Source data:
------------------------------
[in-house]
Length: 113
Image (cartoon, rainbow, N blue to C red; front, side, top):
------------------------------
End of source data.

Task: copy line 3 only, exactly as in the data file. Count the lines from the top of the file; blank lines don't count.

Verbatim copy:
Image (cartoon, rainbow, N blue to C red; front, side, top):